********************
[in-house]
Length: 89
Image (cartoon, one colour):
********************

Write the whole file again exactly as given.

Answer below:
[in-house]
Length: 89
Image (cartoon, one colour):